From being depressed to a champion bowler: How Bharat Arun, Ravi Shastri turned Shami’s career

Mohammad Shami was the choice of bowlers for India that took five wickets for 44 runs in 16 overs as the visitors took a 130-run first-innings lead after bowling South Africa for 197 in the final session on day three of the first Test on Tuesday.

In the process, he simply became the 11th Indian bowler to claim 200 wickets in the test cricket and the fifth pacer behind Kapil Dev, Ishant Sharma, Zaheer Khan and Javagal Srinath. Shami’s five-for on Tuesday was, incidentally, his sixth in test cricket and only his second in the first round.

Mohammad Shami joins an elite list of fast bowlers. (Screenshot)

Shami rejected Rabada to complete his five-wicket move and also reached the 200-wicket milestone in his 55th Test match and also took the fewest balls (9896) to reach the milestone.

For someone who makes bowling look so easy, right from the moment he was released to the time the ball goes and hits the stump, Shami has consistently delivered in great moments for his team.

While Shami has grown in stature, his journey from Sahaspur to the Indian dressing room has experienced a lot of ups and downs as he also went through injuries, falls in form, criticism and personal issues. But it was his passion and the continued guidance under former India head coach Ravi Shastri and bowling coach Bharat Arun that kept his passion alive.

In a previous interview with The Indian Express, Arun had remembered how Shami was literally down in the dumps and had even thought about stopping the game.

“Shami was totally disillusioned. He was on the verge of giving up the game. When Ravi and I sat down with him, he said he was’ extremely angry at life ‘and’ I would like to give it up. ‘We said,’ it’s good you’re angry. You should be. Angry is the best thing that has happened to you. ‘ He looked at us questioningly – what do these guys say ?! We told him, ‘You’re a fast bowler; anger is not bad! Let’s get the bitterness out of it. Life has turned you into a very angry man, but what should “You do now? You can stop, it’s your choice, but you can also tell yourself that I’m angry, how do I channel it ?,” Arun had said.

“We told him, ‘Tu parts pay dhyan de. (Focus on your body, fitness). Go to the NCA (National Cricket Academy) for a month and get your body in shape. Remove the anger there. No arguments there, you do what you are told. ” He went and worked like a manic bull, I hear, and I remember he said to me, “more itna taaqat badh gaya ki (I have gained so much strength) I can take on the world!” added Arun.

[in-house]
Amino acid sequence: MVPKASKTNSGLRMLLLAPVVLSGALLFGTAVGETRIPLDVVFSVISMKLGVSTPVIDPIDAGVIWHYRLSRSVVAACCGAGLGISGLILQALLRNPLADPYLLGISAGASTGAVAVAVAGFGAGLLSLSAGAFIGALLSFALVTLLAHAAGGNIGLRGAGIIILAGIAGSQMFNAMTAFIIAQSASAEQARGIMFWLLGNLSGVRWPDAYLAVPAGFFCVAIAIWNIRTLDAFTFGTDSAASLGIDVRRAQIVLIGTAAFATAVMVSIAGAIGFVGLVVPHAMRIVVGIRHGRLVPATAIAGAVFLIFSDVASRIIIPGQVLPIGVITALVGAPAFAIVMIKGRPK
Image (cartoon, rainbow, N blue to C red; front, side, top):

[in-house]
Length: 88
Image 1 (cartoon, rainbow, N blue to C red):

“He was a strong guy and that anger phase actually helped him turn into something better. No matter what anger he had, he turned into his bowling. You don’t have to be aggressive, but controlled aggression is the key. His personality makes him still not too aggressive; so a bit of anger was good as it pumped him up. No more slack, no more ‘daalke dekhten hai, kya hota hai (let’s toast and see what happens). every time on top of his run. He was a real fast bowler now. “

“He’s a rhythm bowler, and it was clear that his whole bowling depends on the kind of run he generates. It was not about just running in fast. You run in fast enough, so you are absolutely balanced at the moment of delivery by folds. For him, that was the key. When he was out of balance, the transfer of power to the momentum of delivery was lost. What is the point of running fast and being unbalanced; the energy transfer goes down the drain. It was to find what is the optimal speed to run to create momentum, but to help Shami keep her balance. We explained the importance of this to Shami. Sometimes a too long step also affects the bowling. Sometimes he could do it. It makes no sense to be very stable, even if you are not able to generate power. So we tried it to find his optimal. It makes no sense to talk too much technique to him, ‘let’s do it and give feedback on how you feel’. Trials and errors work. “

“This can not happen if he does not trust and is willing to do hard work. He was. There were people who had told him – ‘do not change anything, work with what got you here’ – which of course is good advice, but where is the growth unless you try, especially when not talking about big changes? He was ready when he learned to trust. “

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